Mouton Cadet to ramp up environmental certification requirements in 2019

Tuesday September 18 2018 by Vitisphere

Based in Saint-Laurent du Médoc, BPR secures supplies from all over the Gironde region for its range of Bordeaux (red, white and rosé), Saint-Émilion, Graves, Pauillac and Sauternes, for example.Based in Saint-Laurent du Médoc, BPR secures supplies from all over the Gironde region for its range of Bordeaux (red, white and rosé), Saint-Émilion, Graves, Pauillac and Sauternes, for example. - Photo credit : Alexandre Abellan (Vitisphere)

Suffering from a lack of media visibility, not to mention recognition by the general public, High Environmental Value (HVE) certification is to receive a significant boost: from 2019, the Mouton Cadet range of Bordeaux wines will make its winegrowers' three-year supply contracts conditional on obtaining level 3 certification. “There may be exceptions for those who need time, but the rule will be HVE for all within three years”, said Véronique Hombroekx, the new general manager for Baron Philippe de Rothschild (BPR) brands.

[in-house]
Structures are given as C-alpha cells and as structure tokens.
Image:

Since 2014, BPR has been helping its partner winegrowers reach level 2 of the HVE standard with the support of its technical teams, and is increasing its level of requirements to better redefine its iconic brand. Mouton Cadet aims to show clear respect for its vineyard sites and those who farm them, even if that means imposing a pace that is both fast and demanding. It may even lead to some independent and co-operative wineries breaking off their partnerships.

Transition

Having outlawed plant products classified as Mutagenic and Reprotoxic Carcinogens (CMR) from its 2018 specifications, BPR's scope was reduced to 1,500 hectares of vines for 300 bulk wine contracts, compared with 450 partnerships in 2015. With the 2017 frost then hail and mildew in 2018 compounding the reduction, BPR's marketing potential will inevitably fall below the usual 12 million bottles. But Véronique Hombroekx believes it is better to downsize and focus more on the company’s new direction, particularly as zero CMR has worked well in the vineyards, even in a vintage as challenging as 2018.

 

 

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